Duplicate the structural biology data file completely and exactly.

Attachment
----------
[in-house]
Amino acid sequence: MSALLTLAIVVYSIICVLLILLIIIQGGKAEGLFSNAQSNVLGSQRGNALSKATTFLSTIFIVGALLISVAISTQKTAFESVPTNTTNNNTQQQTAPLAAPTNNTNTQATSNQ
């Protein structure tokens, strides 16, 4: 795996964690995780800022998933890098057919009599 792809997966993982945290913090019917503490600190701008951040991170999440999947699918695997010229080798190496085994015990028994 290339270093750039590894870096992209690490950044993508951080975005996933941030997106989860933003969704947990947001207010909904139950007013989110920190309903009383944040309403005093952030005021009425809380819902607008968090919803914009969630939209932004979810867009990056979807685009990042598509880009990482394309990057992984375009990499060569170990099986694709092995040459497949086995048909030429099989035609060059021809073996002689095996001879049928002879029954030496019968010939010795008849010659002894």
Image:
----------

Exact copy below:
[in-house]
Amino acid sequence: MSALLTLAIVVYSIICVLLILLIIIQGGKAEGLFSNAQSNVLGSQRGNALSKATTFLSTIFIVGALLISVAISTQKTAFESVPTNTTNNNTQQQTAPLAAPTNNTNTQATSNQ
């Protein structure tokens, strides 16, 4: 795996964690995780800022998933890098057919009599 792809997966993982945290913090019917503490600190701008951040991170999440999947699918695997010229080798190496085994015990028994 290339270093750039590894870096992209690490950044993508951080975005996933941030997106989860933003969704947990947001207010909904139950007013989110920190309903009383944040309403005093952030005021009425809380819902607008968090919803914009969630939209932004979810867009990056979807685009990042598509880009990482394309990057992984375009990499060569170990099986694709092995040459497949086995048909030429099989035609060059021809073996002689095996001879049928002879029954030496019968010939010795008849010659002894």
Image: